Dear Language Nerd,
Why do Spanish speakers put “e” on the front of words in English, like saying “estudent” for “student”?
It’s actually not about the “e,” but about the “st.” Spanish words never start with “st,” “sc,” “sp,” “sn,” or “s” plus any other consonant. (“S” plus vowel is fine, though, like in “simpatico.”) The Spanish word for “student” is “estudiante”; “Spanish” is “Español”; “stress” is “estrés,” and so on. So why does this come out in English pronunciation? Well, phonology is usually subconscious; once you’ve learned a rule in your native language, it’s very hard to unlearn it for another language.
Let’s take an English example for comparison: <ng>. (That’s Extremely Fancy Linguist Notation, where <> is for shapes and // is for sounds.) First off, this is not pronounced /n/ plus /g/, but is its own sound, /ŋ/. You put your tongue in the position for a /g/ sound and then send air through your nose like /n/, but the sound you make is different from either of those.* Listen to yourself say it. Better yet, since you’re liable to change your pronunciation if you’re feeling self-conscious, get a friend. Find a bar and tell people you’ll buy them drinks if they’ll pronounce some present progressive verbs – that always works for me.
The English rule is that we may only ever use this sound at the end of a syllable, like “ring-a-ding-dong,” and never at the beginning. The Vietnamese rule, on the other hand, is that /ŋ/ at the front is perfectly fine. So when native English speakers run up on the Vietnamese name Nguyen (and we all will eventually, it is the Smith of Vietnam), we just can’t bring ourselves to start a word with /ŋ/ and instead do exactly what Spanish speakers do with “st”: we add a vowel to the front. At best, this gets us “iŋuyen,” and at worst, “un-goo-yen.” Try to say Nguyen without turning the /ŋ/ into /iŋ/ or /uŋ/ and you’ll have some empathy for people who “espeak Espanish.”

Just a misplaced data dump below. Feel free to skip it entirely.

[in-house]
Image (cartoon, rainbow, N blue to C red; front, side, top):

The Language Nerd
*So when Pat Sajak recently refused a Wheel of Fortune contestant’s answer of “seven swans a-swimming” because she “left off the ‘g’,” (“swimmin’ ”), what ACTUALLY happened was that she didn’t velarize the nasal consonant enough for him. Have you ever heard such bullshit?? People substitute alveolar /n/ for velar /ŋ/ all the time, grading that is not even a thing. WHAT IS WRONG WITH THIS WORLD WHEN USING AN ALVEOLAR NASAL INSTEAD OF A VELAR LOSES YOU THE BIG BUCKS, SOMETHING IS TERRIBLY WRONG
I HAVE STRONG OPINIONS ABOUT WHEEL OF FORTUNE OKAY
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I have no references today? WAIT NO HERE’S A LINK TO WHEEL OF FORTUNE. AAAAAAAAAGH.
A NOTE: The Language Nerd will be traveling about for the next few weeks. Columns are in the pipeline, but I may or may not have internet access every Tuesday — please bear with me!
NOTE UPDATE: HAHA nope, got ’em up every week. See, I love you guys.
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